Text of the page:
One of the main reasons we don’t yet have a blog or other presence online is because the Big Boss is paranoid that we’d be a magnet for negative comments and criticism online. I tell him that it’s already out there and he pales and asks how the heck we’re supposed to control it. I don’t really know how to answer him, though…
Last week I talked about different ways you can track what people are saying about your company, products, service or even you in the online world (see How to keep track of company buzz and reputation online). We primarily looked at Google Alerts, but also mentioned Boulder, Colorado-based companies Filtrbox.com and UmbriaListens.com, both of which also offer sophisticated discussion tracking services, and I threw in a mention of TrackUR.com because, well, my friend Andy owns the company.
Just as importantly, we talked about how you can track discussion in the fast-moving mobile-friendly world of Twitter by using the Twitter search feature and then subscribing to the results. Nice, neat, and very interactive. An example of a company that does just that to stay involved with the conversation is Colorado local restaurant Spud Bros, which you can find in Twitter by simply mentioning @spudbros therein.
The real question, however, is what’s the best way to deal with the discussion you find about your company, product, etc? That is, if I had a search for “Dave Taylor” + “Daily Camera” and found a lot of people saying either how wonderful (hopefully!) or terrible my weekly column is in the Boulder Daily Camera, our local newspaper, what should I do next?
I thought it would be interesting to ask that question of two local experts in online reputation management, so I asked Ari Newman, Founder and President of Filtrbox, and Doyle Albe, President and New Media Director at Metzger Associates what they recommend to clients.
Focusing primarily on critical online comments, Ari suggests “When I see negative feedback, I first assess the nature of the complaint and then engage by responding in the same context with some constructive advice or acknowledgment of the issue. My goals are 1. to let the person know we are listening, 2. let them know we care, and 3. instill confidence that there is either a solution, we are working on it, or we are willing to help. We try to respond to all feedback quickly, but by looking at reach and influence we are able prioritize our responses when necessary.
What I’ll highlight from his answer is “in the same context”. This is key to managing your online reputation because wherever you encounter the comment, you must respond in that same medium. If they’re using Blogger, you need to add a comment. If their comment is in MySpace, you need to be in MySpace, and so on. Otherwise the disconnect means that people who find their commentary won’t ever see your response.
I asked Doyle to break down his advice into the two possible scenarios of critical comments that are or aren’t true. Both appear online, of course, and criticism that’s untrue is perhaps one of the great fears of any business person when contemplating the Internet. What if your competitor simply starts spreading false digital rumors to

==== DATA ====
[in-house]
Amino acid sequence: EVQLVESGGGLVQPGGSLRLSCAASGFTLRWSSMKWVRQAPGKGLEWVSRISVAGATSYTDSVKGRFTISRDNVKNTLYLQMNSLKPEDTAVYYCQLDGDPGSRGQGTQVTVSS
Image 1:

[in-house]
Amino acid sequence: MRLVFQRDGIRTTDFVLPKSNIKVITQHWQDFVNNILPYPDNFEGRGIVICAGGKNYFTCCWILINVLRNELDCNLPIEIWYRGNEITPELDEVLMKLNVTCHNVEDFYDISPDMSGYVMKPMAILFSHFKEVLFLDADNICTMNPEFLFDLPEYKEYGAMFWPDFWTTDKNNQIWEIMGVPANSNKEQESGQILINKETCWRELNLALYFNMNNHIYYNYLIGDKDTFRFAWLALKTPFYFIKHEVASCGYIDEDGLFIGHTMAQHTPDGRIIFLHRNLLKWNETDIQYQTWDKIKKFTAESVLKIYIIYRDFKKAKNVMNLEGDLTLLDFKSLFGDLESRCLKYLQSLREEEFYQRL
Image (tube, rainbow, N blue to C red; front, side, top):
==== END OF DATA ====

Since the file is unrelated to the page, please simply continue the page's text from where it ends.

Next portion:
discredit your company? What do you do? Sue them??
Doyle starts with the easy one, when the complaints are accurate and legitimate, like someone complaining that Spud Brothers doesn’t have a large and varied menu:
“Rule #1: DON’T start a flame war. You can’t win. In the end, you must take a high road, even if it hurts a little. If a customer is upset with you — LISTEN and show empathy. How you would like to appear to others reading the posts? Your choice is “I’m sorry for the problem. What can I do to help?” or “Are you kidding? We don’t even want business from jerks like you.” The choice is pretty clear. A company that listens to criticism and offers to remedy the situation almost can’t look bad.”
The greater challenge, as I said, is how to deal with the worst-case scenario of false rumors and malicious slander spreading online. Doyle has this to share:
“This is tough. There are sites out there that specialize in this and can be a real thorn in the side. They’re simply a forum for comments that are often untraceable and, in our experience, not even true. RipoffReport.com is a great example. Even if a company wants to help solve a problem on some of these sites, it’s hard to identify a customer signed only as “Bob K. in California” for example.
“If the rant is a one-off on a small blog with limited readership, it’s often best to simply let it go. If the problem persists, arguing is not the answer, but a gentle “we’ve been tracking your comments, and are quite surprised. How can we help you get to the bottom of this” might work. We’ve seen people stop posting as soon as they realize that someone is watching.
“Clearly, if it gets bad enough (or if someone is threatening your company or employees), legal remedies can be considered, but typically only as a last resort.”
My thanks to both Ari Newman of Filtrbox.com and Doyle Albe of Metzger Associates for their assistance in wrestling with this complex topic.